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Papua New Guinea: Disaster Management Reference Handbook

Center for Excellence in Disaster Management and Humanitarian Assistance, (2016)

The 2012 NDRMP lays out the Disaster Risk Management (DRM) architecture of the country and provides guidance for DRM intervention at all levels. However, implementation has been slow and resource challenges exist throughout the government.
The PNG government’s policy and institutional framework for DRM still faces numerous obstacles. The main challenges in moving towards a more proactive and systematic approach to manage risks and build resilience include 1.) the limited coordination between DRM and Climate Change Adaptation agencies; 2.) the slow migration from emphasis on response to risk reduction and management; 3.) the limited institutional capacity for planning and design of risk informed investments; and 4.) the lack of available historic natural hazard data, which hinders the assessment of risks.

National Health Plan 2011–2020: Volume 2 (Part A), Reference Data and National Health Profile

Government of Papua New Guinea, (2010)

The purpose of Volume 2 is to provide a full set of reference data showing performance over the period of the previous National Health Plan 2001–2010, to provide a baseline against which performance over the next ten years can be measured, and to highlight in greater detail some of the context against which the policies and strategies described in Volume 1 can be understood.
This Part A of Volume 2 provides data and context from a whole-of-country perspective. The data will be useful for provinces and national-level program staff within the National Department of Health to establish benchmarks and targets in the Five-year Strategic Implementation Plans to be developed to support implementation of this Plan. Additionally, this Volume will serve as a reference manual for all health sector stakeholders.
Original file: 77 MB

National Health Plan 2011–2020: Volume 1, Policies and Strategies

Government of Papua New Guinea, (2010)

The health of the people and health services are in crisis, and together as partners this plan commits us to strategies aimed at achieving our goal of:
Strengthened primary health care for all, and improved service delivery for the rural majority and the urban disadvantaged.
Original file: 67 MB

Comparative efficacy of low-dose versus standard-dose azithromycin for patients with yaws: a randomised non-inferiority trial in Ghana and Papua New Guinea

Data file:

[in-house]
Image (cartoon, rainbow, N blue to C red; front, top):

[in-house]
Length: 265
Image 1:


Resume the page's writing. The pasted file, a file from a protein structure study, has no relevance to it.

Marks, M.; O. Mitja; C. Bottomley, et al., (2018)

n this study, low-dose azithromycin did not meet the prespecified non-inferiority margin compared with standard-dose azithromycin in achieving clinical and serological cure in PCR-confirmed active yaws. Only a single participant (with presumed latent yaws) had definitive serological failure. This work suggests that 20 mg/kg of azithromycin is probably effective against yaws, but further data are needed.

Leave no one behind: disaster resilience for sustainable development

United Nations Economic and Social Commission for Asia and the Pacific (ESCAP), (2018)

Asia-Pacific Disaster Report 2017
The report looks at the extent and impact of natural disasters across the region and how these intersect with poverty, inequality and the effects of violent conflict. But it also shows how scientific and other advances have increased the potential for building disaster resilience and ensuring that even in the most extreme circumstances people can survive disaster impacts and rebuild their communities and livelihoods.
Disaster resilience is a key element of the 2030 Agenda for Sustainable Development. The Sustainable Development Goals are based on the premise of reaching absolutely everyone. When the drought is assessed, when the flood warnings are broadcast, when the tsunami siren sounds, the aim is to ‘leave no one behind’.

Progress on drinking water, sanitation and hygiene: 2000-2017: Special focus on inequalities

UN Children's Fund UNICEF; World Health Organization (WHO), (2019)

1 in 3 people or 2.2 billion people around the world lack safe drinking water In 2017, 71 per cent of the global population used safely managed drinking water services. National estimates were available for 117 countries and four out of eight SDG regions, representing 38 per cent of the global population. Coverage was lower in rural areas (53 per cent) than in urban areas (85 per cent), which were home to two out of three of the 5.3 billion people using safely managed services. By 2017 a total of 80 countries had achieved greater than 99 per cent coverage and were therefore classified as having “nearly universal” coverage of at least drinking water services

Male Circumcision and HIV in Lesotho: Is the Relationship Real or Spurious? Analysis of the 2009 Demographic and Health Survey

Makatjane, T. J., T. Hlabana, and E. M. Letete, Eds.: Rockville, Maryland, USA: ICF International, (2016)

DHS Working Papers No. 125

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